Looking Ahead

No organization wants to be the victim of a cyberattack, and furthermore, they don't want to lose control of the narrative along with it. The SEC's new rules increase organizational and personal accountability and bring more transparency to the forefront, but at the same time, it's an opportunity for threat actors to intimidate victims and get what they want. For public companies to regain the upper hand, they need to prioritize and be proactive about cybersecurity, have a clear plan for how they're going to respond should an incident occur, and, when appropriate, share their experiences and work with the cybersecurity community to establish stronger strategic defenses against threat actors.

Today's world looks a lot different than it did five or 10 years ago, and being a public company comes with greater responsibility than ever before. No longer is excellent cyber hygiene a nice-to-have, but a necessity for organizations that want to survive the relentless barrage of cyberattacks being unleashed daily.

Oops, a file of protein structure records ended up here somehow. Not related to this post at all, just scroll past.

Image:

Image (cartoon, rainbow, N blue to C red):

About the Author(s)

Ken Dunham

Cyber Threat Director, Qualys Threat Research Unit

Ken Dunham is cyber threat director at Qualys Threat Research Unit. He has 30+ years of consulting experience in cybersecurity leadership, incident response, dark web operations, malware research and response, and strategic transformation. He holds a CISSP, CISM, Masters of Teacher Education with research in alternative assessment of multiple intelligences, and he has held numerous technical certifications over the years ranging from reverse engineering to network security and forensics. Mr. Dunham has a long history of innovation for nascent technologies and solutions such as the creation of training programs for U2, Warthog, and Predator systems for the USAF, responsible disclosure (iDEFENSE), and cyber threat intelligence (iSIGHT Partners). He is a widely published author with thousands of security articles and multiple books on topics ranging from Darknet disclosures to mobile threats and mitigation of malware.